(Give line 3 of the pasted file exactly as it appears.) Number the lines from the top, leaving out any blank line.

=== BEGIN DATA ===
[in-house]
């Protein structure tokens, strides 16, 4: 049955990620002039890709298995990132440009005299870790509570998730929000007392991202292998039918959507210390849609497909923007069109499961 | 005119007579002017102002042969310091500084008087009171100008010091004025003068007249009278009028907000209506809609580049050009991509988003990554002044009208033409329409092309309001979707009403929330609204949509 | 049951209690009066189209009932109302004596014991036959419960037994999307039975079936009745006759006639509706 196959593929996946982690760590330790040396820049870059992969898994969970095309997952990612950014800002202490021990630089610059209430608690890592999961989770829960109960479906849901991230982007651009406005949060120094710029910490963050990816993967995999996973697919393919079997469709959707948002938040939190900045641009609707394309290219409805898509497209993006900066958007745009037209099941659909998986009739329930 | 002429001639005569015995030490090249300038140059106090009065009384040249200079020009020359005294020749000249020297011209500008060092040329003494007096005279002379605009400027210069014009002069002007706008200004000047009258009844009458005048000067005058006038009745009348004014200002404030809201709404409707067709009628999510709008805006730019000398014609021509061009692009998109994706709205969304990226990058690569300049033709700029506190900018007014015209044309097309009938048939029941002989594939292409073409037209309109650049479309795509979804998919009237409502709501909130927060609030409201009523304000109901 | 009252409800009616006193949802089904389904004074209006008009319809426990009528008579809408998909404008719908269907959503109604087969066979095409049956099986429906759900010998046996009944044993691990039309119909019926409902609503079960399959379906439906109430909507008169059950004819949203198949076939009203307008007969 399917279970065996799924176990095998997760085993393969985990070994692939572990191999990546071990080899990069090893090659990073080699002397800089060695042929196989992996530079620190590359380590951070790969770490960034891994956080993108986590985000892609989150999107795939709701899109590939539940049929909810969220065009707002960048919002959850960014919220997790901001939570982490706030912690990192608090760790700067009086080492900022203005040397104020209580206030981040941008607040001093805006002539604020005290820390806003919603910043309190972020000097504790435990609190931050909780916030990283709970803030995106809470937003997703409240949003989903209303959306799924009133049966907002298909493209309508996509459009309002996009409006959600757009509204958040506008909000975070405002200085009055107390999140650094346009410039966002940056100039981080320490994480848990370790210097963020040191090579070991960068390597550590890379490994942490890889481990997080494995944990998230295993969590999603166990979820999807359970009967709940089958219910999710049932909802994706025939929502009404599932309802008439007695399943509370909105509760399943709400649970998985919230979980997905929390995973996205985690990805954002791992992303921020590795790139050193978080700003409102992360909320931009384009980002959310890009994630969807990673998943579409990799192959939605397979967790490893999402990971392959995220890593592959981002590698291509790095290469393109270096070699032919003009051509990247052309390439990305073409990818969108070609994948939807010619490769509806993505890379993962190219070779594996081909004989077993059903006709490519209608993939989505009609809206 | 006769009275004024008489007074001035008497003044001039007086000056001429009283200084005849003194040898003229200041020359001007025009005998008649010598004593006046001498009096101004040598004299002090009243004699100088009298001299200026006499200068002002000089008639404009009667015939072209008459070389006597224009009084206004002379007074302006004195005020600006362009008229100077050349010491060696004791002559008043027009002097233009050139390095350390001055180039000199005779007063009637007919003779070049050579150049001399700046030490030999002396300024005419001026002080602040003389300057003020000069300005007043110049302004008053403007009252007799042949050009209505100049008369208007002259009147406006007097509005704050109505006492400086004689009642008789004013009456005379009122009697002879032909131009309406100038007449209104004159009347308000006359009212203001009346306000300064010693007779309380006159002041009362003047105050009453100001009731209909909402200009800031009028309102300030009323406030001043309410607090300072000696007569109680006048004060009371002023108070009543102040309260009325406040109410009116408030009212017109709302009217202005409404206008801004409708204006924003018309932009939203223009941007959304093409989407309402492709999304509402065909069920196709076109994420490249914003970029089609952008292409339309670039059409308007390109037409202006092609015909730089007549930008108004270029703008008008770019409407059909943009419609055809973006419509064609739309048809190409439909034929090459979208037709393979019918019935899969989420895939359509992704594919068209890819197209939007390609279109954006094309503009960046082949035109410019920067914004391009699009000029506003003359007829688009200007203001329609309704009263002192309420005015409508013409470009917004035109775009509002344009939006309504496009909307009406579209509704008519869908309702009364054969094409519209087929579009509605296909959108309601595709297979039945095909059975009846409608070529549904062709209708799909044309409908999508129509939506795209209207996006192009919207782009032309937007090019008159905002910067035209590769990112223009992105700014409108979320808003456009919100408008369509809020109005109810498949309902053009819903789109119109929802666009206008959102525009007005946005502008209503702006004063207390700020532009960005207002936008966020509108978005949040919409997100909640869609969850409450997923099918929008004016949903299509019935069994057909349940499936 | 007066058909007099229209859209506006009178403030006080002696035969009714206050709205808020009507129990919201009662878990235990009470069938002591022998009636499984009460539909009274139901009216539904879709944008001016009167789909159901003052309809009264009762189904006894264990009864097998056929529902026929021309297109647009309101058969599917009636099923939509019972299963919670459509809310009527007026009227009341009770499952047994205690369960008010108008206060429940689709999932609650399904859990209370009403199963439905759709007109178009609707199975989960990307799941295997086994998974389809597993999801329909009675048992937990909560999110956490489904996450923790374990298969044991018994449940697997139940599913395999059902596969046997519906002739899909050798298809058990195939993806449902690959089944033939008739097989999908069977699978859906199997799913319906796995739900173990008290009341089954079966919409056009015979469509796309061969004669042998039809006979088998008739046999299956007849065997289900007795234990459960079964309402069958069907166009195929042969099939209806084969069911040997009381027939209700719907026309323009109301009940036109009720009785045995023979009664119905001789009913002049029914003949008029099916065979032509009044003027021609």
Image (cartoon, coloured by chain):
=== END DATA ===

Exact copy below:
Image (cartoon, coloured by chain):